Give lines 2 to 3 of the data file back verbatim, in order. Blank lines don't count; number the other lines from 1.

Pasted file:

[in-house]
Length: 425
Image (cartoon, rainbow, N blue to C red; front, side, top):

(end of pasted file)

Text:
Length: 425
Image (cartoon, rainbow, N blue to C red; front, side, top):